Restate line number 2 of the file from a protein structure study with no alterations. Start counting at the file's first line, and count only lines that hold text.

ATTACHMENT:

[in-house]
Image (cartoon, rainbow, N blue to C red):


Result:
Image (cartoon, rainbow, N blue to C red):